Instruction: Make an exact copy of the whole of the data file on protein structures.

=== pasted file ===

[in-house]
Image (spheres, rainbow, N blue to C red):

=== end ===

[in-house]
Image (spheres, rainbow, N blue to C red):